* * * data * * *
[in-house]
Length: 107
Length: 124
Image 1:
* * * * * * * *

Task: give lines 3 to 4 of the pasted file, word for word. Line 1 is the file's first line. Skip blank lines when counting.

Length: 124
Image 1: